Surgical Procedures for Glaucoma
When it is not possible to lower the intraocular pressure adequately with eye drops or oral drugs, eye surgery may be advised. In some situations, you and your doctor may decide to try surgery instead of using drops, especially angle-closure glaucoma.
Surgical procedures may include:
This is performed in a doctor's office or an eye clinic. In laser surgery, the surgeon uses a concentrated high-energy beam of light to make changes to the eye to help relieve the intraocular pressure.
The 3 types most frequently used are:
—This procedure is most often used to treat open-angle
glaucoma. Using the laser, the surgeon will make many small microscopic burns in the drainage area of the eye. This will allow the aqueous fluid to drain more freely.
The procedure takes 10-20 minutes, and you can resume normal activities right after it. It takes about 2-3 weeks before one can see the maximum effect from the surgery.
Most people will need to continue medications and repeat treatment may be needed in half of all people having this.
—This surgery is frequently used to treat angle-closure
glaucoma or to prevent it in those who have very narrow drainage angles. Using the laser, the surgeon will make a small hole in the iris. This will allow the aqueous fluid to flow more freely inside the eye and help to widen the drainage angle between the cornea and iris.
—This procedure is usually reserved for more advanced or aggressive cases of glaucoma that are refractory to other treatments. Using either the laser or a freezing probe, the surgeon will destroy selected areas of the ciliary body—the part of the eye that produces fluid. This will reduce the production of aqueous fluid.
The surgeon will place eye drops into your eyes to numb them. You will sit facing the laser machine. Using a special lens held to the front of your eye, the surgeon will focus the high-energy beam of light at specific structures in your eye. You may see flashes of bright green or red light. The process often takes just a few minutes.
You cannot rub your eyes for at least 20 minutes or until the numbing eye drops have worn off. You may experience some local eye irritation. You may need someone to drive you home after the procedure, but most people can resume their normal activities within a day after the procedure.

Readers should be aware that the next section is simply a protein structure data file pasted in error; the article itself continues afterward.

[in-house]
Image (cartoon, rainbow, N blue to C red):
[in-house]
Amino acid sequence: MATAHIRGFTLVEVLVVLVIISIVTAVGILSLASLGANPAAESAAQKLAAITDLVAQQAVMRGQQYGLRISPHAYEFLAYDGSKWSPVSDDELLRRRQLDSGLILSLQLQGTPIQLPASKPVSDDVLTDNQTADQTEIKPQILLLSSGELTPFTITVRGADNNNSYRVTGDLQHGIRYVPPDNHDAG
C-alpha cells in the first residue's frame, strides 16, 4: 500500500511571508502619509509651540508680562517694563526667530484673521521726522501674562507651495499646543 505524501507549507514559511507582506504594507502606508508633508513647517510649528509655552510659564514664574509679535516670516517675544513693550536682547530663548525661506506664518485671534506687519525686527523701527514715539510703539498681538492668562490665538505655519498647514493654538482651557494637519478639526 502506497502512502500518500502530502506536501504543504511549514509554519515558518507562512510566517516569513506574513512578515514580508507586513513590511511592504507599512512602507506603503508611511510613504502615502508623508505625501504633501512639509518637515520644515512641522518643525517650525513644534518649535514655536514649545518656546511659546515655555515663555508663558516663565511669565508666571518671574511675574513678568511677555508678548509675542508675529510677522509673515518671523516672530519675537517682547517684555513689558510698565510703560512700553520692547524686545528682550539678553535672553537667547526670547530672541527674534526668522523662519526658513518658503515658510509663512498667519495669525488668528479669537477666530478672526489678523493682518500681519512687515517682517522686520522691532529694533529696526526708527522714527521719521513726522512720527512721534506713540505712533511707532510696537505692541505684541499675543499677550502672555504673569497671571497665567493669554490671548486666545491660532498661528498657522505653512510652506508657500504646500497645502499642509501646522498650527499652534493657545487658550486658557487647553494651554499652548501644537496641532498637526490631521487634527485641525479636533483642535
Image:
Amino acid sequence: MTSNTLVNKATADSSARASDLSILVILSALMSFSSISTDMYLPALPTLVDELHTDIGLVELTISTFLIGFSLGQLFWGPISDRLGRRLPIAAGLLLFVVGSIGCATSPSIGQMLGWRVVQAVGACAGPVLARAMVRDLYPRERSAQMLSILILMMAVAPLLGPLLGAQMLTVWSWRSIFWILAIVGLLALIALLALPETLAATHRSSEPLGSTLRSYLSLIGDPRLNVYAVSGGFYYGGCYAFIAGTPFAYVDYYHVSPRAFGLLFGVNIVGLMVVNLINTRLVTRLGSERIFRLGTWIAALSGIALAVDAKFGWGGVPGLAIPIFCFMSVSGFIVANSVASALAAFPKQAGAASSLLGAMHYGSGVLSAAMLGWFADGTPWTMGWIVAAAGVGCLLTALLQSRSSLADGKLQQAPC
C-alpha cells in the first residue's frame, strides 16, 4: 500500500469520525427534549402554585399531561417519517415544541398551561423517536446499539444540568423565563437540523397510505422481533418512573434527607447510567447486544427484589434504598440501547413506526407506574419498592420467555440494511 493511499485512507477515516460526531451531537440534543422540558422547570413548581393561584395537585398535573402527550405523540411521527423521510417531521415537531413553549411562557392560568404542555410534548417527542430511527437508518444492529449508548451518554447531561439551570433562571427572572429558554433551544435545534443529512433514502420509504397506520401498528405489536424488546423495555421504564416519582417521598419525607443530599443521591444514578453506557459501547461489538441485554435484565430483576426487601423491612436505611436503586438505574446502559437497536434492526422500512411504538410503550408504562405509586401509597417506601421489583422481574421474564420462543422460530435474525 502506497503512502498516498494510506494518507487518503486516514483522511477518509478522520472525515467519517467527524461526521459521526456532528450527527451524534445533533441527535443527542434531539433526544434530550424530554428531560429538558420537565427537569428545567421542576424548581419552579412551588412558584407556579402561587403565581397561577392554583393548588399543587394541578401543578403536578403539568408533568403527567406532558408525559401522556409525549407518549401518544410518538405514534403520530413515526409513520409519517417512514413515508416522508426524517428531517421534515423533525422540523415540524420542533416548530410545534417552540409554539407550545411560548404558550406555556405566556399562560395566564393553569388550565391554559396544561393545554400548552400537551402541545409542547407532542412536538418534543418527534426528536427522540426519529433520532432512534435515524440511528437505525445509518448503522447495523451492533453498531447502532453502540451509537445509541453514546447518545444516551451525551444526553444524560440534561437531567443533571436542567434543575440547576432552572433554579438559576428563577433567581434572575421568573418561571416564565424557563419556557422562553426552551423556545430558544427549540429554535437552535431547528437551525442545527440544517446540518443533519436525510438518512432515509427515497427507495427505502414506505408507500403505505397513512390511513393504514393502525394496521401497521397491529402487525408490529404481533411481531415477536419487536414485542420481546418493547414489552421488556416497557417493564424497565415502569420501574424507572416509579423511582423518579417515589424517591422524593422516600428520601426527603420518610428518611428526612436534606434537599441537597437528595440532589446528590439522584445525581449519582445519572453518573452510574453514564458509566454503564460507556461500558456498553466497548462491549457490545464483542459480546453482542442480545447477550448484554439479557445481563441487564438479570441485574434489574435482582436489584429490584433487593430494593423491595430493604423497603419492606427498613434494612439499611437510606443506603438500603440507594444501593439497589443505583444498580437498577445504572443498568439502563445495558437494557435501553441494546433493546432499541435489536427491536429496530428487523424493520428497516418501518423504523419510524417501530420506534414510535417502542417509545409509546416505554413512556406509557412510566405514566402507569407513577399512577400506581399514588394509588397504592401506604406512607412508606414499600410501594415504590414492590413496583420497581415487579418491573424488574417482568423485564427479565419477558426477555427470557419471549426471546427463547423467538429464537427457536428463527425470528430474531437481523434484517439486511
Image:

Your vision will probably be blurry for one to two days after the procedure.
Trabeculectomy—Also known as filtering surgery, involves the use of tiny instruments to make a tiny hole in the sclera, or white of the eye where it meets the cornea. The aqueous humor can now drain out through the hole and be reabsorbed into the bloodstream. This reduces the pressure in the eye. In some cases, the surgeon may place a valve in the eye through a tiny incision. These valves act as a regulator for the buildup of fluid within the eye, allowing fluid to flow out and be reabsorbed.
Incisional surgery is usually performed in an operating room with local anesthesia. The surgeon will make the small incision in the eye to allow for a slow release of aqueous fluid. If necessary, the surgeon will place the tiny valve in the eye through an incision.
The surgeon will also often cut out a small hole in the iris to help prevent the iris from blocking the hole.
You will need someone to drive you home after the procedure. In addition, you may need to wear a patch and use eye drops following surgery. Avoid activities that expose your eye to water, such as swimming and showering, as recommended by your doctor.
Also avoid strenuous activities, as recommended by your doctor.
Mechanical shunts—In advanced cases, sometimes a placement of a mechanical shunt is the best option. Shunts are small silicone tubes that are inserted into an eye to help drain the aqueous fluid.
The goal of microinvasive glaucoma surgery (MIGS) is to reduce pressure by increasing fluid outflow. MIGS procedures utilize stents, bypasses, and implants to make new channels in the eye. The channels move fluid out of the eye and into the bloodstream. Minimizing tissue damage speeds recovery time.
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http://www.dynamed.com/topics/dmp~AN~T901114/Angle-closure-glaucoma. Updated July 15, 2016. Accessed September 30, 2016.
Facts about glaucoma.
National Eye Institute
website. Available at: https://nei.nih.gov/health/glaucoma/glaucoma%5Ffacts. Accessed March 1, 2016.
Lichter PR, Musch DC, et al. Interim clinical outcomes in the Collaborative Initial Glaucoma Treatment Study comparing initial treatment randomized to medications or surgery.
Minckler DS, Vedula SS, et al. Aqueous shunts for glaucoma.
Cochrane Database Syst Rev.
Open-angle glaucoma. EBSCO DynaMed Plus website. Available at:
http://www.dynamed.com/topics/dmp~AN~T114157/Open-angle-glaucoma. Updated March 6 2017. Accessed October 6, 2017.
What is glaucoma? American Academy of Ophthalmology website. Available at:
http://www.aao.org/eye-health/diseases/what-is-glaucoma. Updated January 10, 2015. Accessed March 1, 2016.
What is glaucoma? Glaucoma Research Foundation website. Available at:
http://www.glaucoma.org/glaucoma. Accessed March 1, 2016.
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